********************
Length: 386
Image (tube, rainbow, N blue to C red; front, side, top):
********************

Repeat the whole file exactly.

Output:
Length: 386
Image (tube, rainbow, N blue to C red; front, side, top):